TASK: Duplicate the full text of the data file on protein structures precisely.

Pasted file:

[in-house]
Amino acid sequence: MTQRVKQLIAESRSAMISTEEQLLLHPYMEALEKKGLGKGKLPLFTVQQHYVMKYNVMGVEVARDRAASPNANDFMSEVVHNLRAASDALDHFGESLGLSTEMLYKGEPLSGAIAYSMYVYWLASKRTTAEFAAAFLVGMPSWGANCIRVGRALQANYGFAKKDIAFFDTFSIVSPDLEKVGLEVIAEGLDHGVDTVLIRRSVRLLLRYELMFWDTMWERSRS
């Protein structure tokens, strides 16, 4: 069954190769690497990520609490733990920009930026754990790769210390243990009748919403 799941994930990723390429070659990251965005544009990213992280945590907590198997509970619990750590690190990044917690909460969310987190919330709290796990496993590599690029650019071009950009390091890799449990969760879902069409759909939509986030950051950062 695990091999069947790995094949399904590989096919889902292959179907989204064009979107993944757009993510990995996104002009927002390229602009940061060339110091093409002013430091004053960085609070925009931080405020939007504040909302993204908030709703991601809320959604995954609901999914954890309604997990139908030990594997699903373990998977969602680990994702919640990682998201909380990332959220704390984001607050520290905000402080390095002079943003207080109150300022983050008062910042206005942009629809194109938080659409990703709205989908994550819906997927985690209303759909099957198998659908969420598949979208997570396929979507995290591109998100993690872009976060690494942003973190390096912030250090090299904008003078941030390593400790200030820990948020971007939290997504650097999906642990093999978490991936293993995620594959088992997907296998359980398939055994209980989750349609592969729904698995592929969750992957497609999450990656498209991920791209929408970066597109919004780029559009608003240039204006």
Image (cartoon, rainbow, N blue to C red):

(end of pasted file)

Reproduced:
[in-house]
Amino acid sequence: MTQRVKQLIAESRSAMISTEEQLLLHPYMEALEKKGLGKGKLPLFTVQQHYVMKYNVMGVEVARDRAASPNANDFMSEVVHNLRAASDALDHFGESLGLSTEMLYKGEPLSGAIAYSMYVYWLASKRTTAEFAAAFLVGMPSWGANCIRVGRALQANYGFAKKDIAFFDTFSIVSPDLEKVGLEVIAEGLDHGVDTVLIRRSVRLLLRYELMFWDTMWERSRS
């Protein structure tokens, strides 16, 4: 069954190769690497990520609490733990920009930026754990790769210390243990009748919403 799941994930990723390429070659990251965005544009990213992280945590907590198997509970619990750590690190990044917690909460969310987190919330709290796990496993590599690029650019071009950009390091890799449990969760879902069409759909939509986030950051950062 695990091999069947790995094949399904590989096919889902292959179907989204064009979107993944757009993510990995996104002009927002390229602009940061060339110091093409002013430091004053960085609070925009931080405020939007504040909302993204908030709703991601809320959604995954609901999914954890309604997990139908030990594997699903373990998977969602680990994702919640990682998201909380990332959220704390984001607050520290905000402080390095002079943003207080109150300022983050008062910042206005942009629809194109938080659409990703709205989908994550819906997927985690209303759909099957198998659908969420598949979208997570396929979507995290591109998100993690872009976060690494942003973190390096912030250090090299904008003078941030390593400790200030820990948020971007939290997504650097999906642990093999978490991936293993995620594959088992997907296998359980398939055994209980989750349609592969729904698995592929969750992957497609999450990656498209991920791209929408970066597109919004780029559009608003240039204006």
Image (cartoon, rainbow, N blue to C red):